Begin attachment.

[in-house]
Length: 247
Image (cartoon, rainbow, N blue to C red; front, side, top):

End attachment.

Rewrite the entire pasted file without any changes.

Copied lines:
[in-house]
Length: 247
Image (cartoon, rainbow, N blue to C red; front, side, top):